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dc.contributor.authorBallabio, E-
dc.contributor.authorRegan, R-
dc.contributor.authorGarimberti, E-
dc.contributor.authorHarbott, J-
dc.contributor.authorBradtke, J-
dc.contributor.authorTeigler-Schlegel, A-
dc.contributor.authorBiondi, A-
dc.contributor.authorCazzaniga, G-
dc.contributor.authorGiudici, G-
dc.contributor.authorWainscoat, JS-
dc.contributor.authorBoultwood, J-
dc.contributor.authorBridger, JM-
dc.contributor.authorKnight, SJL-
dc.contributor.authorTosi, S-
dc.identifier.citationPLoS ONE, 6(6): e20607, Jun 2011en_US
dc.descriptionCopyright @ 2011 Ballabio et al.en_US
dc.description.abstractLeukaemia is often associated with genetic alterations such as translocations, amplifications and deletions, and recurrent chromosome abnormalities are used as markers of diagnostic and prognostic relevance. However, a proportion of acute myeloid leukaemia (AML) cases have an apparently normal karyotype despite comprehensive cytogenetic analysis. Based on conventional cytogenetic analysis of banded chromosomes, we selected a series of 23 paediatric patients with acute myeloid leukaemia and performed whole genome array comparative genome hybridization (aCGH) using DNA samples derived from the same patients. Imbalances involving large chromosomal regions or entire chromosomes were detected by aCGH in seven of the patients studied. Results were validated by fluorescence in situ hybridization (FISH) to both interphase nuclei and metaphase chromosomes using appropriate bacterial artificial chromosome (BAC) probes. The majority of these copy number alterations (CNAs) were confirmed by FISH and found to localize to the interphase rather than metaphase nuclei. Furthermore, the proliferative states of the cells analyzed by FISH were tested by immunofluorescence using an antibody against the proliferation marker pKi67. Interestingly, these experiments showed that, in the vast majority of cases, the changes appeared to be confined to interphase nuclei in a non-proliferative status.en_US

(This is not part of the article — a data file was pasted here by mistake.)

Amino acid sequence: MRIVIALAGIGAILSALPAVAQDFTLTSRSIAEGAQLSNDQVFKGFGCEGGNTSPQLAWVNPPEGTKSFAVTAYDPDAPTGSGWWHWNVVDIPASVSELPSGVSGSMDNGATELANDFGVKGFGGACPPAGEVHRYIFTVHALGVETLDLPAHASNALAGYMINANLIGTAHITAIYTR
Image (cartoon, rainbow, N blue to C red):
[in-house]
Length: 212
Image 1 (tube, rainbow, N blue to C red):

dc.description.sponsorshipThis work was supported by a grant from Leukaemia Research UK (grant no. 0253). SJLK and RR were supported by the NIHR Biomedical Research Centre, Oxford, with funding from the Department of Health’s NIHR Biomedical Research Centres funding scheme-
dc.description.sponsorshipThis article is available through the Brunel Open Access Publishing Fund.-
dc.publisherPublic Library of Scienceen_US
dc.titleGenomic imbalances are confined to non-proliferating cells in paediatric patients with acute myeloid leukaemia and a normal or incomplete karyotypeen_US
dc.typeResearch Paperen_US
pubs.organisational-data/Brunel/Brunel (Active)-
pubs.organisational-data/Brunel/Brunel (Active)/School of Health Science & Social Care-
pubs.organisational-data/Brunel/Research Centres-
pubs.organisational-data/Brunel/Research Centres/BIAS-
pubs.organisational-data/Brunel/Research Centres/CCCB-
pubs.organisational-data/Brunel/School of Health Sciences and Social Care-
pubs.organisational-data/Brunel/School of Health Sciences and Social Care/BIAS-
pubs.organisational-data/Brunel/School of Health Sciences and Social Care/CCCB-
Appears in Collections:Biological Sciences
Community Health and Public Health
Brunel OA Publishing Fund
Dept of Life Sciences Research Papers

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